The proposed changes to the city's civic district are expected to hit coach and tour bus drivers hard, even as pedestrians welcomed the area's upcoming transformation.
Buses ferrying tourists on city tours wait in Connaught Drive after dropping them off at Merlion Park. "This is the closest place for us to wait, because once the tour guide calls we have to get there to pick up tourists quickly or they would get angry," driver Dennis Ng, 47, told The Straits Times.
Connaught Drive, a four-lane one-way road, will be turned into a two-way road, with access limited to only coaches and buses.
Kerbside parking space on both sides of the road was removed on Tuesday, said an on-site notice put up by the Urban Redevelopment Authority.
The changes, part of a sweeping transformation of the Padang area, include widening walkways and pedestrianising certain roads. They will be completed in time for next year's SG50 celebrations.
The $66 million revamp, announced on Thursday by National Development Minister Khaw Boon Wan on his blog, will turn the civic district, which includes landmarks like the Victoria Theatre, into a "walkable park".
Tour buses have been offered the off-street carpark in Bayfront Avenue as an alternative but this is almost a 3km drive from the Merlion and too far away, said drivers.
When The Straits Times visited Connaught Drive yesterday, tourist buses ranging from 22-seater minibuses to 51-seater coaches still lined both sides of the road even though the parking spaces have been painted over.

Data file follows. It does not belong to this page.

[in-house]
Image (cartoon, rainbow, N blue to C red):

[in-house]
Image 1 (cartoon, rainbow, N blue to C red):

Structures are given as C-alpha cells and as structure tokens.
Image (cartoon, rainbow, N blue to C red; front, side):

Drivers said they would wait in Connaught Drive if they were taking tourists on city tours. "This is one of the most convenient locations - it's near popular areas like Bugis," said Mr Izdham Gaffor, 27.
"(The Government) has to give us a proper alternative; we are supporting the tourism industry," he said, adding that the tour buses wait for only 20 to 30 minutes and do not obstruct traffic.
Members of the Singapore Cricket Club and the Singapore Recreation Club, sited at opposite ends of the Padang, said the move will disrupt them minimally, since both clubs have on-site parking.
Others working in the area are looking forward to the changes.
A 24-year-old artist, who wanted to be known only as Miss Tay, said the developments might make parking in the area harder but this was all right since many theatre-goers use public transport anyway.
"It will definitely make the area a lot more pleasant to walk in."
Attractions like the Asian Civilisations Museum are also looking forward to organising joint programmes with its neighbours.
"The redevelopment project has great value in returning focus to the Singapore River," said museum director Alan Chong.
This article was first published on Dec 6, 2014.
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